Purchasing a vehicle is an important deal. Besides our own house, it is generally the most high-priced thing in our possession. It is also a profitable transaction yet a high-risk investment.
If you aren’t cautious enough, in the worst-case scenario, you might have to pay out a very large amount of money for a dilapidated old car that looks great on the surface but is falling apart on the inside.
Whether you are on the market for a brand-new or pre-owned vehicle, it is always significant to do your own research to avoid becoming a victim of car scams.
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Scammers will post many fake listings on classified websites. Contrary to popular belief, cars targeted by thieves are not necessarily the most expensive ones. In fact, these ads can be for any kinds of car, particularly those in high demand such as a second hand Toyota Vios, Isuzu MU-X, and Toyota Fortuner.
The ads may even include very specific information and beautiful pictures – often duplicated from a verified seller’s post. To entice a large number of victims in a hurry, the fake sellers advertise the car listing at a very attractive price, often much lower than listings of the same models advertised on other classified websites, or even on the same site.
A rent-a-car scam
If you want to know about the reputation of car sellers then the logical action would be to ask them for proof of identity. What are the legal papers you will ask for? These papers should be:
Make a full check to see if the seller name and address on the above documents don’t match up with the vehicle registration form. As well, you have to make sure the information is not a copy of the original registration form. You need to compare vehicle identification number (VIN), model, brand, year of the vehicle with what’s on paper.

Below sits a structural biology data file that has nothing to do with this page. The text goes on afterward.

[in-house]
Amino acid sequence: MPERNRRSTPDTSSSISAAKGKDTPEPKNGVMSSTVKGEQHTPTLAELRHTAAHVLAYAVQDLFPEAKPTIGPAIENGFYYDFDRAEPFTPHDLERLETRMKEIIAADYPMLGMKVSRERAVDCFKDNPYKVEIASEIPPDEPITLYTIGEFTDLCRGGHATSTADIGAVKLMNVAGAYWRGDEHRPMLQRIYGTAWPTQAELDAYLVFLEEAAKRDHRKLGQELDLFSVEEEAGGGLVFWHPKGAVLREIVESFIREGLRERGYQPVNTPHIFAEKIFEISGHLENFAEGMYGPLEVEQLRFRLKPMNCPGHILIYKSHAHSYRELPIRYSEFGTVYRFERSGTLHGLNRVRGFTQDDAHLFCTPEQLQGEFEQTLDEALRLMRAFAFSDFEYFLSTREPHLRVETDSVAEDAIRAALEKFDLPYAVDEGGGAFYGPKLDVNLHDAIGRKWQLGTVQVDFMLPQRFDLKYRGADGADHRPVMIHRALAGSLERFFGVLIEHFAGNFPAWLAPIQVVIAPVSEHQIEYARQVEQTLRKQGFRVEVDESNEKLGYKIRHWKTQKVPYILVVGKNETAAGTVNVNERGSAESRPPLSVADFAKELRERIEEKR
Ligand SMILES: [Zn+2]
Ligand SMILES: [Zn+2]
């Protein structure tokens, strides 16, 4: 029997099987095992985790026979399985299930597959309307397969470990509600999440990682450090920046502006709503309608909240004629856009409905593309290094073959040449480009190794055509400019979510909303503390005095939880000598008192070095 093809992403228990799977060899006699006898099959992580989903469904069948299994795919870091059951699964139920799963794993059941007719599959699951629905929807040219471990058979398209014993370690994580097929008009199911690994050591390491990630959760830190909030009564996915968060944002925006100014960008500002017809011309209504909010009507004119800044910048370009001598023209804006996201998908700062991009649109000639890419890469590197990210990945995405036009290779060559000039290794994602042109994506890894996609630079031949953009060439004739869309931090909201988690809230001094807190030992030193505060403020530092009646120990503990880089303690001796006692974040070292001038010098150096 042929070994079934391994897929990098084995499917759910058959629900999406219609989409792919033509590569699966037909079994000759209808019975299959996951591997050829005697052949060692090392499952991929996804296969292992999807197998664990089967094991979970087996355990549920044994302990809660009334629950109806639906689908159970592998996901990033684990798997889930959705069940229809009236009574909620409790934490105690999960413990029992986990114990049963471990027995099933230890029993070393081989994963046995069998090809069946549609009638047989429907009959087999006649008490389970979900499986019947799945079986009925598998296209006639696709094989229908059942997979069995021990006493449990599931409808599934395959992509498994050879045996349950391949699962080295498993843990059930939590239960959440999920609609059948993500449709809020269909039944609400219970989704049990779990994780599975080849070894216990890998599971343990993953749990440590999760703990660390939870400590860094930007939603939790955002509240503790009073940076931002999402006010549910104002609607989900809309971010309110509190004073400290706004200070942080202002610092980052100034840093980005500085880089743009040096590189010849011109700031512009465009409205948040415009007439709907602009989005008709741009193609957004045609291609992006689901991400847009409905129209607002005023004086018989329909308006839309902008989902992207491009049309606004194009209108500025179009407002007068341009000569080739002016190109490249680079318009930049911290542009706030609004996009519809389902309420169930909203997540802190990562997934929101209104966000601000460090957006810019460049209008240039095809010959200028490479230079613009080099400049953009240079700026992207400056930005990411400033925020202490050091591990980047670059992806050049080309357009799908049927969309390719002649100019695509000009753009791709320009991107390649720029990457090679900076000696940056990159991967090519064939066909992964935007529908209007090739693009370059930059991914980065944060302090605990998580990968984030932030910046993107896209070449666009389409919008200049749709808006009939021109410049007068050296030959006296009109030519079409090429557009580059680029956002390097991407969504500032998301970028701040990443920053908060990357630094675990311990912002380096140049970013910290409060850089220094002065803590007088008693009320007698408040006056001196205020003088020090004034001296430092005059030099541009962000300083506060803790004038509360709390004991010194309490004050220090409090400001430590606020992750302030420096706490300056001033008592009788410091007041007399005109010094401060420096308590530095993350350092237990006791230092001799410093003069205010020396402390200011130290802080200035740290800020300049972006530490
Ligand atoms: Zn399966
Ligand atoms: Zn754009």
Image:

Classified websites don’t do this research for you and they also can’t look after you when you fail to do your own research and made a wrong decision or judgment.
As a discerning car buyer, you should never use wire transfers to pay for a car. A wire transfer service such as MoneyGram or Western Union is frequently used by scammers. If you’re buying a car from a private seller and they importune you to use the above services, ask to select a different method of payment, preferably one where documents as proof of the seller’s identity are very clear and can be traced.
Once wire transfers have been approved by your bank, you won’t be able to recover your money without the seller’s consent. That is one of the reasons why scammers love using these services and why such businesses are strongly discouraged for purchasing vehicles.
>>> Recommended article: 10 signs that you are about to purchase a stolen car
There is no guarantee that your car won’t be a stolen car, but you can decrease the chances of its happening without a fortune. The vehicle you bought will still belong to the original owner or if he/she has been paid out by his/her insurance company the car belongs to them. You can’t claim your car ownership on missing vehicles that you purchased no matter how innocent you were.
How to check if you’re purchasing a stolen vehicle? You can test the Land Transportation Office (LTO) SMS service with plate number, the information sent back is what you need.
You can’t claim your car ownership on missing vehicles that you purchased no matter how innocent you were
Apart from the LTO’s text service, you can also check the Highway Patrol Group’s (HPG) official Facebook page. Starting from August 2015, the HPG has turned to Facebook to publish news on the missing cars the agency has recovered. Though you have to spend so much time sifting through the pictures, there are necessary actions you can do to better protect yourself from buying a stolen car.
You should schedule meet-ups or visits to have a thorough inspection and drive test. It’s always beneficial to get a skilled mechanic to make sure the car is not a junker. To avoid the unnecessary risks, peep our list of 5 things to check before buying a second hand car.
If you aren’t cautious, you can find yourself spending more than 30% or 50% of your vehicle value
A car loan scam